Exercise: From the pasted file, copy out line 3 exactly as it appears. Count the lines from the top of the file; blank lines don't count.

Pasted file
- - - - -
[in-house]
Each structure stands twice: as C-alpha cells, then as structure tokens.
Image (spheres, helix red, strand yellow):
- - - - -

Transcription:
Image (spheres, helix red, strand yellow):